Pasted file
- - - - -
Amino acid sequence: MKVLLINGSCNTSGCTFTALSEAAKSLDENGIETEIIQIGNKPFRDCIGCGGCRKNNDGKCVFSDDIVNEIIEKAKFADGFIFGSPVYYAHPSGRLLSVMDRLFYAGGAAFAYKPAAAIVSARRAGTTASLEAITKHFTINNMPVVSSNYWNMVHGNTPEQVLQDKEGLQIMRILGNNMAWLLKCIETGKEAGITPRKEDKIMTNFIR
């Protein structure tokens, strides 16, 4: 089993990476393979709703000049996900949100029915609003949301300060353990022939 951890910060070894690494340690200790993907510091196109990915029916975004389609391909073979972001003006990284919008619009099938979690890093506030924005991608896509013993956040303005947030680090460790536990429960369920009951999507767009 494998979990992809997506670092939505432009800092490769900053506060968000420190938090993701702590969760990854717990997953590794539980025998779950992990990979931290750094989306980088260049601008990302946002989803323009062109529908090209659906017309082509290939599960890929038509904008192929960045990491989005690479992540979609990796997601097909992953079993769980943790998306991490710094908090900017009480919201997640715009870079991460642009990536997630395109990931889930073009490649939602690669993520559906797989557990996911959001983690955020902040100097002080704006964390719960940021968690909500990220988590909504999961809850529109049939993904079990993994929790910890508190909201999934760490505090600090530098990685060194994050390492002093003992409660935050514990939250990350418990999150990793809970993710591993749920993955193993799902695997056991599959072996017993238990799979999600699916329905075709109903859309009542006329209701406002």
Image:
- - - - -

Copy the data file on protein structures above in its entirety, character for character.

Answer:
Amino acid sequence: MKVLLINGSCNTSGCTFTALSEAAKSLDENGIETEIIQIGNKPFRDCIGCGGCRKNNDGKCVFSDDIVNEIIEKAKFADGFIFGSPVYYAHPSGRLLSVMDRLFYAGGAAFAYKPAAAIVSARRAGTTASLEAITKHFTINNMPVVSSNYWNMVHGNTPEQVLQDKEGLQIMRILGNNMAWLLKCIETGKEAGITPRKEDKIMTNFIR
């Protein structure tokens, strides 16, 4: 089993990476393979709703000049996900949100029915609003949301300060353990022939 951890910060070894690494340690200790993907510091196109990915029916975004389609391909073979972001003006990284919008619009099938979690890093506030924005991608896509013993956040303005947030680090460790536990429960369920009951999507767009 494998979990992809997506670092939505432009800092490769900053506060968000420190938090993701702590969760990854717990997953590794539980025998779950992990990979931290750094989306980088260049601008990302946002989803323009062109529908090209659906017309082509290939599960890929038509904008192929960045990491989005690479992540979609990796997601097909992953079993769980943790998306991490710094908090900017009480919201997640715009870079991460642009990536997630395109990931889930073009490649939602690669993520559906797989557990996911959001983690955020902040100097002080704006964390719960940021968690909500990220988590909504999961809850529109049939993904079990993994929790910890508190909201999934760490505090600090530098990685060194994050390492002093003992409660935050514990939250990350418990999150990793809970993710591993749920993955193993799902695997056991599959072996017993238990799979999600699916329905075709109903859309009542006329209701406002």
Image: